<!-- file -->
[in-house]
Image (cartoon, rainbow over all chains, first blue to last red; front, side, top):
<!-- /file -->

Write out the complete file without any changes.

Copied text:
[in-house]
Image (cartoon, rainbow over all chains, first blue to last red; front, side, top):